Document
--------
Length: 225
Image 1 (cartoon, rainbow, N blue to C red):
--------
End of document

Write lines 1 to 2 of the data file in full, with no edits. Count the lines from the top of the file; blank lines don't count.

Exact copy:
Length: 225
Image 1 (cartoon, rainbow, N blue to C red):